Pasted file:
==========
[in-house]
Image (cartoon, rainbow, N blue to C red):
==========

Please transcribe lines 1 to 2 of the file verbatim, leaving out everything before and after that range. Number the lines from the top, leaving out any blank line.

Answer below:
[in-house]
Image (cartoon, rainbow, N blue to C red):